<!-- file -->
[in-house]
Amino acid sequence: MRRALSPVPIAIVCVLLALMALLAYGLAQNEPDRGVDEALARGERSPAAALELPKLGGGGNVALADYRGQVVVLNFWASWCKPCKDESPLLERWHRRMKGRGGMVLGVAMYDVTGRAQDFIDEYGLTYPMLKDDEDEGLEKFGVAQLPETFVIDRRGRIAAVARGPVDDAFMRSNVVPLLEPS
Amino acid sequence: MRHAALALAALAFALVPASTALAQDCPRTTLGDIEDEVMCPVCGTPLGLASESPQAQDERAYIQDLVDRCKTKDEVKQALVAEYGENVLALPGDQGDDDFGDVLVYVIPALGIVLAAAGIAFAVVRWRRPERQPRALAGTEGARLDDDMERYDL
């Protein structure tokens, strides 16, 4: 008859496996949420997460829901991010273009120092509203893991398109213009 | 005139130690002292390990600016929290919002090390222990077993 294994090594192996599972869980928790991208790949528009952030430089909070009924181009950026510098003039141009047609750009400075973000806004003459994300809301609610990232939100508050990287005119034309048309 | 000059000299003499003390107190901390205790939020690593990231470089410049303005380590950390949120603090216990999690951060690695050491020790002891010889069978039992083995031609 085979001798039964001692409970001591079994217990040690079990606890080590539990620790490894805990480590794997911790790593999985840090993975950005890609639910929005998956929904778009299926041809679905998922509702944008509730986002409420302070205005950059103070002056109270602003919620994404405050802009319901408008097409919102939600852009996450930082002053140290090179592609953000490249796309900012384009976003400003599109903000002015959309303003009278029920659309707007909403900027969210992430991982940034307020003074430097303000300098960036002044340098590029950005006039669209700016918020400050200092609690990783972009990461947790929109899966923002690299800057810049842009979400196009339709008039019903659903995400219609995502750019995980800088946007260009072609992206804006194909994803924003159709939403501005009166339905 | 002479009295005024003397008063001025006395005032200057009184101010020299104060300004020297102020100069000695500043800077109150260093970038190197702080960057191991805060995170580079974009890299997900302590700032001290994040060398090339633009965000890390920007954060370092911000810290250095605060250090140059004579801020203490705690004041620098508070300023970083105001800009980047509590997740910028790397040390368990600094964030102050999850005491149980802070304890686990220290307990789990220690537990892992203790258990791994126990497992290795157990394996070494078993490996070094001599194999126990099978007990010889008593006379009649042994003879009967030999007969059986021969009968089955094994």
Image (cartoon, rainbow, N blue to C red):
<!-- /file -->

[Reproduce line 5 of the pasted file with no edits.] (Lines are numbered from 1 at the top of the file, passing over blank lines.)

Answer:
Image (cartoon, rainbow, N blue to C red):